Change of Plan! ~ Spring 2020
It is a difficult time for everyone at the moment with the outbreak of Covid-19.
I hope you are all safe and managing to find some peace and beauty in your surroundings.
For the first few months of the year, I had been busily preparing for a return visit to the Edinburgh International Harp Festival. Devising 2 Five-day Courses meant writing booklets and handouts, in addition to practising for a duet performance with Anne Denholm and premiering works with the Pedal Power Ensemble. Sadly, it was not to be, as the event was cancelled by Merchiston School, due to concerns regarding the Coronavirus. However, the innovative committee organised the first Virtual event, which is now online. You can watch a potpourri of workshops and concerts; all available for free.
Have a look at me giving a workshop on technical points for all players and all harpists.
So, the first question you might have is: how can it be for all level of players? My finding is that the more we advance on an instrument, the more important it is to revise basic elements of technique, practice methods and musicianship. It is very easy for the foundations to fall by the wayside as we progress to harder and more challenging repertoire. I truly believe that advanced players need to go back regularly to foundation work, so that they check-in on their technique.
In the weeks when we now have ‘time’, it is so important to look at what we have (maybe not just in regards to our harp playing!) and to make sure it is all working for us. The concept of working slowly is something which many people struggle with. The feeling is that we need to progress, move forward, get to the next point. But as of Spring 2020, we can’t physically progress. We have to sit, stay safe and contemplate. This is an ideal scenario for harp practice.
Sit - look at your posture. Are you relaxed?
Stay safe - are your fingers strong; working for you efficiently and securely?
Contemplate - are you noticing details on the page? Is the sound good? Are you telling us your ideas for the piece?
I often hear comments such as:
“That piece is too easy”
The seemingly ‘easiest’ pieces can be the most difficult to play well. There is nowhere to hide. Every note stands out. If you can’t play a section of your piece at a slow tempo, then you are not ready to play it at a fast one.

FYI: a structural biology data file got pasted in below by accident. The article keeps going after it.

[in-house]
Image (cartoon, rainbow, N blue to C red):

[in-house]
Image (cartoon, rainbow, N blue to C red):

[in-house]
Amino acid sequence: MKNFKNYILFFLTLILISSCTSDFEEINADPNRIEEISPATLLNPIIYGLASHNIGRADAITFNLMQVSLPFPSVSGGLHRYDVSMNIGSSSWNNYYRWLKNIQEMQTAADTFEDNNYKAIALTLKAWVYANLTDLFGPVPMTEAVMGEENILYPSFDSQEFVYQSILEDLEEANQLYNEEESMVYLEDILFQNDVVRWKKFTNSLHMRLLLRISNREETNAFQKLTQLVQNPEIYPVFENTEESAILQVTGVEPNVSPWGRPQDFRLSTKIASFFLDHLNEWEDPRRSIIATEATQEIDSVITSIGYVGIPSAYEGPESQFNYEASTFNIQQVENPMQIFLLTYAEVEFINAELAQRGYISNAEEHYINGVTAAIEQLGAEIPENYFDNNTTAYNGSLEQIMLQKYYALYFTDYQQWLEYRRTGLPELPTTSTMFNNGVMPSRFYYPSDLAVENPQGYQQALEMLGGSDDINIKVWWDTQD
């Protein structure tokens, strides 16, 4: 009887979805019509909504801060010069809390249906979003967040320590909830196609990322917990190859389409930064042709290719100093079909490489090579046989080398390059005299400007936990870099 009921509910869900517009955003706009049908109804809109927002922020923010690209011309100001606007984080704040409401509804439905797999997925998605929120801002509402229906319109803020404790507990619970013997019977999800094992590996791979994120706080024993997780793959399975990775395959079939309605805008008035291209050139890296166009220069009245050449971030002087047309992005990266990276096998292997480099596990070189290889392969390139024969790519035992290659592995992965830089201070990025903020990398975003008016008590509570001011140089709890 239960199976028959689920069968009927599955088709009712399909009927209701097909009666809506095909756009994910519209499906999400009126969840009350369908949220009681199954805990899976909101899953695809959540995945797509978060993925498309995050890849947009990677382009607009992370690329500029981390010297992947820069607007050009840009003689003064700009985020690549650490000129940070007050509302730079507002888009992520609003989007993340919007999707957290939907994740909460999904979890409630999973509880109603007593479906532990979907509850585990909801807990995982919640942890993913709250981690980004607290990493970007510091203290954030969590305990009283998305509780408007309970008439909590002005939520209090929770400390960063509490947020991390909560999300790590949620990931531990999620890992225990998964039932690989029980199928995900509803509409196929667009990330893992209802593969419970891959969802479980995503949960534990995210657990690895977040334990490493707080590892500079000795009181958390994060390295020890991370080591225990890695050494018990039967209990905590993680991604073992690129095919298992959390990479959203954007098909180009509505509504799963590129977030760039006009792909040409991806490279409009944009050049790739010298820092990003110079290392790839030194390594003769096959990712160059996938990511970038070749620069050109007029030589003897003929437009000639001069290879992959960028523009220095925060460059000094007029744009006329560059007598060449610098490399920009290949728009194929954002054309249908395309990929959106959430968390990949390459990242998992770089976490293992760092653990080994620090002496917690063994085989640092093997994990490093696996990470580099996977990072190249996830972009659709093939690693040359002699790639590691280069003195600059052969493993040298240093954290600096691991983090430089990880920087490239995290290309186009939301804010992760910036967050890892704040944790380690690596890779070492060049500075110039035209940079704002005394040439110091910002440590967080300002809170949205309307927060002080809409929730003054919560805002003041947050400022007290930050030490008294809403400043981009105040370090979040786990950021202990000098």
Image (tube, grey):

“This is only a Grade 5 piece.”
The choices regarding which pieces are chosen for the different Grade exams are sometimes very arbitrary and, in my opinon, not always correct!! Ask any good harp teacher, and they will tell you that. Learn to enjoy music for what it is, rather than because it is on an exam syllabus.
“How fast does this piece go?”
Speed should always come later. Try not to think about it from the start. Start slowly, and unwrap all the elements of the piece first, to get a real understanding of it from notes, rhythm, fingering, phrasing, dynamics and style. Then add your own polish to it. The correct speed is one where you are able to play fluently and comfortably, within your own point of progress. Professional level harpists might play works faster, but that’s only because they have worked towards that level. You are still "On your way!"
Enjoy watching my Workshop from the Edinburgh International Harp Festival
Stay safe. Stay well!
Tour to South Africa ~ Summer 2019
I am very fortunate to get invitations from all over the world to give workshops and concerts. Recent years have included Denmark, Iceland, Sweden and Greece. Then there came a request to visit South Africa from one of the driving forces of the harp community there, Ingrid Janse van Rensburg. 18 months, and countless emails later, I arrived in Johannesburg for the start of an 18-day tour.
Ingrid had organised a fabulous schedule of events, where I got to meet so many welcoming harpists. I gave workshops for lever harp and pedal harp, took a Masterclass at the National School of Arts and travelled to Pretoria to coach the Labyrinth Ensemble in the Harp Quintet by Jean Cras. Unexpectedly, I caught up with 2 RNCM string graduates, who were part of this ensemble. A small world indeed!
It was also a real pleasure to coach Ingrid’s harp-playing daughter, Vivienne, who studied at Interlochen and is now a busy freelancer. During my visit I coached her on the Saint-Saëns Fantaisie for harp and violin, and was thrilled to then hear her play it at the SASMT National Ensemble Competition in Pretoria, where she won Second Prize. She also joined me in my concert, playing Monika Stadler's "On the Water".
Private lessons were given in Ingrid’s fantastic Harp Shop, Avondale Harp World. I was in seventh heaven teaching there; surrounded by harps, a beguiling selection of harp music, all kinds of harp gifts and accessories. Do book in a visit if you are ever in Johannesburg; but bring an extra suitcase. You will be tempted by what is on offer, and my CDs and music are now also in stock there.
Every 2 years, the harp technician Billy Hornby visits from the UK to service the harps. This is so important to ensure that the instruments are preserved in excellent condition.
The highlight of my time was adjudicating for the National Harp Festival. This was an extremely well organised event, where harpists are given the opportunity to perform. There are no prizes, which I found quite refreshing. Players came to play their pieces, receive feedback and a certificate. It was such a positive experience for everyone and I thoroughly enjoyed it.